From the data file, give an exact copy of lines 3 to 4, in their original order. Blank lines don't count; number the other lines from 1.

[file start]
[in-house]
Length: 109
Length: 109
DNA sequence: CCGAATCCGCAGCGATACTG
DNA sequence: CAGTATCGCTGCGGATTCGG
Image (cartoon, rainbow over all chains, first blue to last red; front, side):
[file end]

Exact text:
Length: 109
DNA sequence: CCGAATCCGCAGCGATACTG